By Pension and Benefits Editorial Staff
The IRS has released initial guidance on Code Sec. 83(i), as added by the 2017 Tax Cuts and Jobs Act (P.L. 115-97). Code Sec. 83 generally provides for the federal income tax treatment of property transferred in connection with the performance of services. Code Sec. 83(i) allows certain employees to elect to defer recognition of income attributable to the receipt or vesting of qualified stock for up to five years.
In response to requests for guidance from stakeholders, the IRS is clarifying three key issues related to Code Sec. 83(i):
- the application of the requirement that eligible corporations must make grants to not less than 80% of all employees who provide services to the corporations in the United States;
- the application of federal income tax withholding to the deferred income related to the qualified stock; and
- the ability of an employer to opt out of permitting employees to elect the deferred tax treatment even if the requirements under Code Sec. 83(i) are otherwise met.
Code Sec. 83(i) applies to stock attributable to stock options exercised, or restricted stock units (RSUs) settled, after December 31, 2017. The IRS expects that further guidance will be issued on these and other issues in the form of proposed regulations at a later date.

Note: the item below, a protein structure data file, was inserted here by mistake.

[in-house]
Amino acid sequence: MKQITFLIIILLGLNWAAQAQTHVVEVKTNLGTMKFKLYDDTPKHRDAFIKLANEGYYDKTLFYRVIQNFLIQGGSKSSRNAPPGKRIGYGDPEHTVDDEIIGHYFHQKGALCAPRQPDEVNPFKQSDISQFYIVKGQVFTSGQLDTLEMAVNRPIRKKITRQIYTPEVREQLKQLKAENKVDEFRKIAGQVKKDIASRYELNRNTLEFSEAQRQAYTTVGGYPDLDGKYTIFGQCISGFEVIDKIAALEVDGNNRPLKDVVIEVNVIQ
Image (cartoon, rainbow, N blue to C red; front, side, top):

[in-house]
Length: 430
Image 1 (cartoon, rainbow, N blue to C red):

Eligible corporations. Companies who wish to be eligible corporations and offer the Code Sec. 83(i) election must have a written plan under which, in any calendar year, not less than 80 percent of all employees who provide services to the corporation in the United States (or any possession of the United States) are granted stock options, or RSUs, with the same rights and privileges to receive qualified stock.
The IRS clarifies that the determination of whether a corporation qualifies as an eligible corporation is made “with respect to any calendar year.” Furthermore, to meet the 80% requirement, the corporation must have granted “in such calendar year” stock options to 80% of its employees or RSUs to 80% of its employees. Thus, the determination that the corporation is an eligible corporation must be made on a calendar year basis, and whether the corporation has satisfied the 80% requirement is based solely on the stock options or the RSUs granted in that calendar year to employees who provide services to the corporation in the United States. In calculating whether the 80% requirement is satisfied, the corporation must take into account the total number of individuals employed at any time during the year in question as well as the total number of employees receiving grants during the year.
Employment taxes. Employment taxes include Federal Insurance Contributions Act (FICA) taxes, Federal Unemployment Tax Act (FUTA) tax, and federal income tax withholding. FICA and FUTA taxes related to deferral stock remain unaffected by the Act.